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The History of Annuities and Why They Aren’t a Fad

Filed under: Retirement

There always seems to be some new financial tool or fad that offers an easy way to solve your biggest financial challenges. If you’re approaching retirement or recently retired, you may have even seen complex financial products that sound too good to be true.

Some people mistakenly place annuities in that category. Annuities have become increasingly popular in recent years. The combination of longer life expectancies, increased medical costs and volatile markets has created difficult challenges for today’s retirees. Many people find that annuities help them confront those challenges.

Annuities aren’t a new development, though. In fact, they’ve been around for centuries. That’s because they’re primarily used to help people address a challenge that has existed since the beginning of time: the risk of outliving one’s ability to generate resources. While annuities have evolved and changed over the years, they’ve always existed to address the challenge of longevity.


Ancient Annuities

The first known annuities existed in ancient Rome in the third century. Back then they were known as an annua, which was a contract between a buyer and a seller. The buyer would provide a lump sum of money, and the seller would provide a stream of income for the remainder of the buyer’s life. The buyer hoped to profit by living for many more years, while the seller hoped to have to make payments for only a limited amount of time.

Over the years, annuities became more formal and structured. Churches used them to fund construction of new buildings. Governments offered them to raise money for war efforts. Some community groups organized annuity pools, allowing pool survivors to share remaining proceeds after a participant in the group passed away.


Annuities in the United States

In the late 18th century, annuities began to appear in the United States. The earliest types were offered by churches to widows and parentless children. Soon, though, annuities were offered by a number of groups, including businesses, state governments and the military.

In the 1930s, the U.S. government essentially became an annuity provider for the masses when it created Social Security. In the 1950s, programs like TIAA-CREF began offering deferred annuities to teachers, health care workers and others.


Annuities in Recent History

In recent decades, annuities have evolved from being niche financial products to popular tools that are helpful in addressing retirement challenges. Many companies today offer annuity contracts, and they’re available in a broad range of types.

You can find annuities that limit downside market risk, provide guaranteed lifetime income and even help pay for long-term costs. Some annuities offer market exposure. Others pay a fixed interest rate. Some annuities are very similar to the original annuas of ancient Rome and simply pay a stream of income in exchange for a lump-sum contribution.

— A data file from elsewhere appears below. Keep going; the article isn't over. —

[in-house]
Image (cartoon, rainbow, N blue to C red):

An annuity could be a useful tool for your retirement strategy. However, it’s important to choose an annuity that meets your unique needs and objectives. A financial professional can help you determine whether an annuity is right for you.

Ready to explore annuity options? Let’s talk about it. Contact us at Ambrose Financial & Insurance Services. We can help you analyze your needs and develop a strategy. Let’s connect soon and start the conversation.


Licensed Insurance Professional. This information is designed to provide a general overview with regard to the subject matter covered and is not state specific. The authors, publisher and host are not providing legal, accounting or specific advice for your situation. By providing your information, you give consent to be contacted about the possible sale of an insurance or annuity product. This information has been provided by a Licensed Insurance Professional and does not necessarily represent the views of the presenting insurance professional. The statements and opinions expressed are those of the author and are subject to change at any time. All information is believed to be from reliable sources; however, presenting insurance professional makes no representation as to its completeness or accuracy. This material has been prepared for informational and educational purposes only. It is not intended to provide, and should not be relied upon for, accounting, legal, tax or investment advice.

Annuities are insurance products backed by the claims-paying ability of the issuing company; they are not FDIC insured; are not obligations or deposits of, and are not guaranteed or underwritten by any bank, savings and loan or credit union or its affiliates; are unrelated to and not a condition of the provision or term of any banking service or activity

Guaranteed lifetime income available through annuitization or the purchase of an optional lifetime income rider, a benefit for which an annual premium is charged.  Annuities are long-term, tax-deferred vehicles designed for retirement and contain some limitations.

16695 – 2017/5/23